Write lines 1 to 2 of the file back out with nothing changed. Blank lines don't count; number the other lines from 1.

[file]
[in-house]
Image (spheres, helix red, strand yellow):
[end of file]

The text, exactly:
[in-house]
Image (spheres, helix red, strand yellow):